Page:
Traditional speakers are typically bulky contraptions with components like magnets, coils and cones. If you're not familiar with basic speaker technology, check out How Speakers Work. You'll see that speakers make sound by vibrating the air in front of a diaphragm to create sound waves, which our ears can hear.

A speaker's diaphragm size varies depending on the kind of sound you want to create. Big, boxy subwoofers feature diaphragms that might be a foot or more in diameter in order to reproduce low bass frequencies. Tiny tweeter speakers, on the other hand, might only be a few centimeters in diameter, which gives them a faster response time that's great for making high-pitched, high-frequency sounds.

Small or large, these rigid, relatively chunky speakers might be fantastic built into the side panels of your car. But there's no way they're suitable for, well, a sweat suit. To that end, TEEC tapped a different kind of speaker tech – electrostatic. You can read more about electrostatic speakers in Do those tall skinny speakers work differently than regular speakers?

Electrostatic speakers are nifty devices in their own right. They're a speaker sandwich of sorts, with an ultra-thin diaphragm bookended by electrically conductive metal grids, also called stators, which give the speakers a robust, sturdy structure. Tiny spacers leave just a bit of air between the diaphragm and the stators.

The stators receive alternating positive and negative charges that correspond to audio input, which in this case is the music signal. This alternating charge happens very quickly, and as it occurs, the highly charged diaphragm moves from side to side, just like a magnet that's attracted to its opposite. The wiggling diaphragm, of course, moves air and creates pressure waves we can hear.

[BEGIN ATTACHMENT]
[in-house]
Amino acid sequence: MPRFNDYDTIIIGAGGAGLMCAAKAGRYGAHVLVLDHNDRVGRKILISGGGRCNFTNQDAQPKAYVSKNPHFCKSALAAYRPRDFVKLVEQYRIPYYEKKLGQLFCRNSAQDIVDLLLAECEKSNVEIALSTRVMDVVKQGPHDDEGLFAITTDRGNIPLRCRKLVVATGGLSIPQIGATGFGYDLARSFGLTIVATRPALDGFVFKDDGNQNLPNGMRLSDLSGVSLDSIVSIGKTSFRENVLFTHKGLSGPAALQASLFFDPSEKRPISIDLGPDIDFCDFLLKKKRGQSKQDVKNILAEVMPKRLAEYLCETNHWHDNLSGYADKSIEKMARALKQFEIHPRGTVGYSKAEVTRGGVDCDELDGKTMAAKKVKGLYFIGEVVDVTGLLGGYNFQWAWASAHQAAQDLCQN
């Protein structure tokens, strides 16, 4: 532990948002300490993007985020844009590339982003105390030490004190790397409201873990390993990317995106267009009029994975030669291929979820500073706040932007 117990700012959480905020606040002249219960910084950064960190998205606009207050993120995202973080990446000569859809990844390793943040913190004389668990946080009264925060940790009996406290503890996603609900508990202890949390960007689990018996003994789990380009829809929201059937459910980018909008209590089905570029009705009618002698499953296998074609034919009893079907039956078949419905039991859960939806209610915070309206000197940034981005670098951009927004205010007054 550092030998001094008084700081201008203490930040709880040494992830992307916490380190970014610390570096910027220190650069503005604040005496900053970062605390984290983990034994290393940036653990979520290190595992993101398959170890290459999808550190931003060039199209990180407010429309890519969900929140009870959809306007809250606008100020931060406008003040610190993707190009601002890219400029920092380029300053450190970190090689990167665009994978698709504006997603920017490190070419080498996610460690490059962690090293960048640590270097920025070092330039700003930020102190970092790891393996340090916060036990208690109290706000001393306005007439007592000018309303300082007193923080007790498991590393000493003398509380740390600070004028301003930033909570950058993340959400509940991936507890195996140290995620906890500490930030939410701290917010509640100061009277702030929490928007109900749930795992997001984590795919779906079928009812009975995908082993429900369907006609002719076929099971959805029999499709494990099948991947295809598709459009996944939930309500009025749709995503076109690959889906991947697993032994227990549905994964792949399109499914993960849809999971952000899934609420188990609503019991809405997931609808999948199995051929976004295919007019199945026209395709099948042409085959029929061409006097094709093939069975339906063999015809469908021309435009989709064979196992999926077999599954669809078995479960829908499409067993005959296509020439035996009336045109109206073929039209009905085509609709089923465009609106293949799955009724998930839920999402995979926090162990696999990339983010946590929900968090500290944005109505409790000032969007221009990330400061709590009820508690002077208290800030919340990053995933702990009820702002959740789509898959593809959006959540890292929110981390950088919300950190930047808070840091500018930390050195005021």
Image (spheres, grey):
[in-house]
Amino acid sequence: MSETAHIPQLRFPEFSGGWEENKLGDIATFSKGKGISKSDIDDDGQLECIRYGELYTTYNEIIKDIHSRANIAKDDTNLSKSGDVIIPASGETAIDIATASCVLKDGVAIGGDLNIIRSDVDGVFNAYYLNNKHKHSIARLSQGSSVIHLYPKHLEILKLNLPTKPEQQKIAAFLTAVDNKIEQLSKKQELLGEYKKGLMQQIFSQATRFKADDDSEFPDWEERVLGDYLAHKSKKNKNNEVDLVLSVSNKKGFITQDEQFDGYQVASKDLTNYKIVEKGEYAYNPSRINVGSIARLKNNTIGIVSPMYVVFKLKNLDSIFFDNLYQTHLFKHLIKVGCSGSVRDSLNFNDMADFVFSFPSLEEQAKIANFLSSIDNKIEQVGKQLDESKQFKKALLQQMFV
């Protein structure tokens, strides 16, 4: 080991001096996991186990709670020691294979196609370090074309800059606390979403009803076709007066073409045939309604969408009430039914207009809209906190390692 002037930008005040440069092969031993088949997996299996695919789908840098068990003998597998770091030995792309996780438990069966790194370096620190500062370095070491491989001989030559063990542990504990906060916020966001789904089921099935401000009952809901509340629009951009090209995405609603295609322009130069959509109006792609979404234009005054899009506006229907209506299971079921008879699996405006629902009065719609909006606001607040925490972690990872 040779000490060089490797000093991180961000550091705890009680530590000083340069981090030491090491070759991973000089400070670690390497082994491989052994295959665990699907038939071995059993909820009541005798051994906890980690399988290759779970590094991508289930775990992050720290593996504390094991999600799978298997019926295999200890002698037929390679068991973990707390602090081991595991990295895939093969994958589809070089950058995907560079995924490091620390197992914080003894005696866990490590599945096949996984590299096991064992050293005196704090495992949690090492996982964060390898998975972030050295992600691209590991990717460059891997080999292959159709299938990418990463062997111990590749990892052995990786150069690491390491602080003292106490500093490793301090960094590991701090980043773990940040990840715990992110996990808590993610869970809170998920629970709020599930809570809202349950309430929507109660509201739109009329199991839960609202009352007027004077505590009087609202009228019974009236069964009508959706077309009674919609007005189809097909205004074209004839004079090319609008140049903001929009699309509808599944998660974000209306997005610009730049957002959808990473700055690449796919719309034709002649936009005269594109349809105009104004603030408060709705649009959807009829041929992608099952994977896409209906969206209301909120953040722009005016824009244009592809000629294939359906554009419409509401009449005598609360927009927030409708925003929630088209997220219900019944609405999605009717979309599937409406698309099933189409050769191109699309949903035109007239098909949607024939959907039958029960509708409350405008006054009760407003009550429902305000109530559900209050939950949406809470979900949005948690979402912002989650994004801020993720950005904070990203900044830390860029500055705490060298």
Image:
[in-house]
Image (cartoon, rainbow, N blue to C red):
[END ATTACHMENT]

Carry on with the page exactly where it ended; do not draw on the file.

Electrostatic speakers often contain diaphragms made of inflexible graphite. And because of the high voltage in the stators, proper distance must be maintained between all components; otherwise, you'll see a gorgeous (but highly dangerous) pyrotechnics display in your living room.

To make flexible (and non-fiery) speakers, TEEC borrowed some concepts of electrostatic speakers and added, well, their own twist.

All Set for Electrets

These portable EFLs are slim and consume very little power, so they’re perfect for long trips.
These portable EFLs are slim and consume very little power, so they’re perfect for long trips.
Courtesy TEEC

Flexibility in a speaker is a novelty. In TEEC's EFLs, it all starts with that innovative plastic diaphragm, which can wobble and bend to no ill effect.

EFLs have diaphragms comprised of transparent, thin plastic (specifically, a type of fluoropolymer), which is referred to as the electret material. The word electret is a nifty blend of two common words: electricity and magnet. This so-called electret material is the secret sauce of EFLs because it maintains a semi-permanent (or static) positive electric charge, thanks in part to tiny pores (called nanopores) in the surface of the plastic.